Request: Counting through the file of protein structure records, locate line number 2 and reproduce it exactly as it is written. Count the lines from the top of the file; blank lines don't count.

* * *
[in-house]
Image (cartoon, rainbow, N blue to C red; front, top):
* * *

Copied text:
Image (cartoon, rainbow, N blue to C red; front, top):